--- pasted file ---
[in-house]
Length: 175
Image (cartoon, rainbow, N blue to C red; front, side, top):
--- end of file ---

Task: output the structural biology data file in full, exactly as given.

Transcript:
[in-house]
Length: 175
Image (cartoon, rainbow, N blue to C red; front, side, top):